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Risk

1/6/2009
01:41 PM
Keith Ferrell
Keith Ferrell
Commentary
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Twitter Hacks Raise Social Net Security Flags

If you use Twitter, re-set your password before you do anything else. Then give some thought to what this week's Twitter hack says about how we use social networks, both in business and personally.

If you use Twitter, re-set your password before you do anything else. Then give some thought to what this week's Twitter hack says about how we use social networks, both in business and personally.Social network Twitter's dual security breaches this week --a phishing campaigned aimed at Twitter users, and the compromise of more than 30 high-visibility Twitter accounts, including those of President-elect Obama and CNN -- offer more than a couple of security opportunities:

1. Re-set your Twitter password immediately. That's good advice anytime, and for all social networks. This time password resetting is endorsed by Twitter itself in a blog, although Twitter's suggestion is to do so if you're having trouble logging on. It's good practice to do a password reset whether you're having trouble getting to your Twitter account or not, and here's the Twitter password reset page.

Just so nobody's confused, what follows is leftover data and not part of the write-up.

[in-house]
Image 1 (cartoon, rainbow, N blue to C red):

2. Think about how you and your co-workers use social networks for your business. Then think about the trust that's necessary for those uses to be effective.

Twitter offers a quick, free, focused way to stay in touch with customers, and have them stay in touch with you. The very brevity of tweets requires both parties to get right to the point; the immediacy of the exchange really can facilitate the exchange of business information and opinion.

But like all social networks, Twitter carries with it an invisible risk: it's all too easy to trust everything that comes your way in a social netspace, in a way that many of us wouldn't (and none of us should) trust items appearing in our e-mail queues or on unfamiliar Web sites.

After all, everything that comes to you by tweet, or on your Facebook wall, or any other social networking site or service is -re-screened, right? You get to choose who you do and don't get tweets and wallwords ad whatever from, right?

Clearly not, nor was this week's Twitter trashing the first reminder that Twitter's no less vulnerable to the dangers any networked technology or tool offers.

Dangers -- and just plain annoyances: How much Twitter spam have you received?

That said -- and another reminder to reset your passwords -- Twitter, Facebook and other social networks have a lot to offer you and you business. To get a good sense of just how much, along with some excellent tips on how to use them safely and smartly, take a look at bMighty's Jennifer Moline's guide to Getting Started With Online Networking.

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